2014 Nissan Armada Platinum Reserve Long-Term Report 2 of 4

An Update On Our Passenger Hauler

May 25, 2015
Photographers: Robert Guio
We’ve said it before and it needs to be said again: this thing is a road trip machine. In the time since our last report, we’ve clicked off a majority of the miles on our ’14 Nissan Armada on the open road. Everybody that rides in or drives the Platinum Reserve comments on its amazing ride quality and comfortable interior. Driver fatigue is a near non-issue, and if it weren’t for fuel stops and bio breaks, one could conceivably cruise forever.
While we do have our complaints, they are all relatively minor so far. The front and second row seats are equipped with seat heaters, which work great. However, the switchgear used to activate the heaters is a simple toggle. This isn’t so much a problem as it’s an annoyance when the heaters get inadvertently left on (front seats) or turned on (rear seats).
Photo 2/3   |   Third Row Seating
In our last report we noted the faux ignition key. If you’re not familiar, the Armada uses a keyless fob system, similar to most new cars and SUVs on the market. However, instead of the now-familiar push-button ignition, Nissan chose to use a knob in place of the key. That’s fine, except several of our testers have inadvertently reached for both the four-wheel-drive selector and the volume dial instead of the ignition. Their proximity to one another lends itself to this embarrassing mistake.
Speaking of the fob, we also have a bone to pick with the keyless door unlocking system. Each front door handle has a button on it, and when the fob is within a certain distance, pressing this button is supposed to unlock the doors. When this feature works it’s great, but the doors only unlock about 50 percent of the time. With so many good systems on the market, we wish this could be improved.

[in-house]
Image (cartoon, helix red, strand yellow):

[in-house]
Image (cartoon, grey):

Photo 3/3   |   Nissan Mointor In Headrest
During our first report period the Armada averaged 13.83 mpg in mixed driving. Proving extraordinarily consistent, during this second period we’ve averaged 13.84 mpg. Our best highway tank this time around netted 16 mpg, still well below the 18-mpg EPA highway rating. We’ll keep trying.
For the next report we’re going to hitch up a trailer and test out the Armada’s 9,000-pound tow rating, and hopefully get it a bit dirty to stretch its four-wheel-drive legs. Overall, we’re still extraordinarily pleased with the vehicle’s comfort and performance. The complaints we have are all pretty minor in the grand scheme of things—thus far anyway.
Long-Term Numbers
Report: 2 of 4
Previous Report(s): Mar./Apr. ’15
Base Price: $52,860
Price as Tested: $55,945
Miles to Date: 7,182
Miles Since Last Report: 2,771
Average MPG (this report): 13.84
Best Tank (mpg): 16.49
Worst Tank (mpg): 11.29
Test Maintenance: Oil change, tire rotation, windshield washer fluid refill
Test Problem Areas: None
Logbook Quotes
“The seat heaters work amazingly well! But the rocker switches to activate them often lead to forgetting to turn them off and unexpected roasted bums.”
“Weather alerts from the navigation system are fun at first, but they tend to get annoying after a while. However, traffic alerts are spot on.”
“Don’t order the tow mirrors unless you plan to tow often: They are actually quite difficult to use in daily driving.”
- OF

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